Manure application time is just around the corner

Manure application time is just around the corner

Fall harvest will soon be here, so it’s not too early to be planning your fall manure applications.  Here are some things to keep in mind.


Safety first.  Review your farm’s emergency response plan before you make applications.  Know the process, have phone numbers and a pocket guide for response easily accessible to everyone involved with manure pumping and spreading.  Consider getting the mobile app “Manure Monitor” for everybody’s smart phone, so you can coordinate emergency response plans for all employees.


Use care during agitation of manure in underfloor pits, keeping workers out of buildings and watching for signs of animal distress.  Avoid "rooster tails" above the surface when you first start to agitate.  Take pigs out of the building, if possible, and run ventilation fans and maximize fresh air into the building.  If there is foam on the manure surface, be aware of methane explosion hazards.  Put caution tags on entry doors during agitation and pumping.


Observe biosecurity protocols when pumping and transporting manure.  Equipment can carry pathogens, so exercise caution and clean the equipment thoroughly when moving from farm to farm.


Get manure sample kits in hand. Manure should be sampled every year, so contact your lab to obtain the submittal forms and kits early.  Grab good composite samples as you pump, ship the samples promptly, and ask the lab to perform the TKN, ammonium-N, P, K, and solids tests, as a minimum.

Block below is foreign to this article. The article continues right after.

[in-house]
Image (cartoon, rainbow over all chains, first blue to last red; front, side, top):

Keep good records. As soon after harvest as you can, record moisture-adjusted crop yields on the fields where you spread manure, so you can enter those yields in your updated nutrient management plan. Streamline the manure nutrient management plan process so that it gets done.  One suggestion is to print out one field map per page, and indicate where setbacks exist, and rates to use for this year. Drivers can sketch where applications start and stop in each field, and keep a tally of loads hauled.  In case of a farm inspection, regulators appreciate simple maps with clear indications of such information.


Calibrate your spreader and record the results.  Check calibration as soon as you can during the application.  Adjust the rate according to your calibration, and keep track of the total volume spread on a complete field, to calculate gallons per acre used.  A volume/area computation is a good backup calibration, especially if you can't get tanks full because of foam at the top.  It’s important to be able to show that you calibrated the spreader, if an agency inspector asks for your records.


Spread carcass compost.  Consider sending a composite sample of well-cured compost to your lab, since the compost is supposed to be part of your nutrient management plan. Once the compost bins are cleaned out, inspect the bins and repair any leaks in the back of bins where liquid leachate gets away.  Get compost carbon sources locked in for the winter.


Get a convenient depth measurement instrument for manure storage.  Consider mapping the solids depth in underslat pits with a laser device.  You can put a pocket laser on a PVC pipe stand and carry it through the building to measure manure surface between the slats.  If you can pump the liquid down completely, you can easily measure and record solids buildup with the laser.


For more information on any of the topics listed above, check out the U of I website or contact the author.  Please be safe out there!